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Press Release

VP of Genetics Company Pleads Guilty to Paying Physicians Sham Clinical Research Fees as Part of $21 Million Medicare Fraud Scheme

For Immediate Release
U.S. Attorney's Office, Southern District of California


SAN DIEGO – Donald Joseph Matthews, the former Vice President of Market Development for Proove Biosciences. Inc., pleaded guilty in federal court today to conspiring to pay physicians kickbacks to order genetic tests for Medicare beneficiaries in violation of the Anti-Kickback Statute.

According to Matthews’ plea agreement, Proove paid doctors at least $3.5 million to induce them to order Proove’s DNA tests—which the company claimed could determine a patient’s risk of abusing certain prescription narcotics.  Proove billed approximately $45 million to the Medicare program for the tests, in violation of Medicare’s prohibition against kickbacks, and Proove received approximately $21 million in unlawful payments. Proove concealed the true nature of the kickbacks by falsely characterizing the payments as compensation for participating in a clinical research program sponsored by Proove.  In furtherance of the scheme, Proove placed its own employees in doctors’ offices.  The Proove employees collected a cheek swab and completed most of the paperwork associated with the “clinical research” program. Without the financial compensation, Matthews admitted that most doctors were not interested in ordering Proove’s tests for their patients.

The compensation Proove paid to doctors was directly tied to the volume of tests that a doctor ordered and whether a doctor continued to order more tests from Proove over time.  When doctors were not paid, they threatened to “pull the plug” and stop ordering Proove’s genetic tests.  When the doctors complained about delayed payments, a Proove executive demanded that the doctors increase their testing volume.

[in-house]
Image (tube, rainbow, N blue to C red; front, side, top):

“Kickbacks corrupt the medical judgment of physicians, generate unnecessary tests and treatments, increase health care costs, and create unfair competition,” said U.S. Attorney Robert Brewer. “Our office will aggressively move to terminate these illegal schemes and prosecute those who engage in them.”  Brewer commended the excellent work of Assistant U.S. Attorneys Joseph S. Green and Andrew J. Galvin, who investigated this important case.

“Our nation’s healthcare system cannot tolerate kickbacks to physicians while criminals line their pockets with taxpayer-funded healthcare dollars, particularly in light of our nation’s current struggles with the COVID-19 pandemic,” said Acting Special Agent in Charge Omer Meisel, San Diego Division of the Federal Bureau of Investigation.  “The FBI will pursue those criminals who corrupt the health care system rather than support legitimate, necessary testing and treatment for patients.”

“When health care executives offer kickbacks to physicians to boost profits, they compromise medical decision making and undermine public trust in our nation’s health care system,” said Timothy B. DeFrancesca, Special Agent in Charge for the Office of Inspector General of the U.S. Department of Health and Human Services. “This investigation illustrates our ongoing efforts to investigate such kickback schemes and to protect patients who rely on federal health care programs.”

Matthews pleaded guilty today before U.S. Magistrate Judge Karen S. Crawford.  His sentencing is scheduled for October 26, 2020 at 9:00 a.m. before U.S. District Judge William Q. Hayes.

Vigilance in ensuring that fraud and kickbacks do not usurp the legitimate practice of medicine  is more important than ever. If you are aware of any fraud or kickbacks, including COVID-19 fraud, please call the FBI hotline at 1-800-CALL-FBI.

DEFENDANTS                                            Case Number 20CR1933-WQH                             

Donald Joseph Matthew                                             Age: 50                                   Naples, FL


Conspiracy to Pay Kickbacks in Connection with a Federal Healthcare Program – Title 18, U.S.C., Section 371, Title 42, United States Code, Sections 1320a-7b(b)(1)(B) and (b)(2)(B).

Maximum penalty: 5 years’ imprisonment and $250,000 fine


Federal Bureau of Investigation

Office of Inspector General, Department of Health and Human Services


Assistant U. S. Attorneys Joseph S. Green and Andrew J. Galvin (619) 546-6955/9721

Updated August 4, 2020

Health Care Fraud
Press Release Number: CAS20-0804-Matthew